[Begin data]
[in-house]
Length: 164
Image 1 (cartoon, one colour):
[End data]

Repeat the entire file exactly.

[in-house]
Length: 164
Image 1 (cartoon, one colour):